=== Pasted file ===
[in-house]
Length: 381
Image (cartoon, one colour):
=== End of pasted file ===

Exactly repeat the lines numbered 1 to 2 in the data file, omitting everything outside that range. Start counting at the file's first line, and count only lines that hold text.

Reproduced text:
[in-house]
Length: 381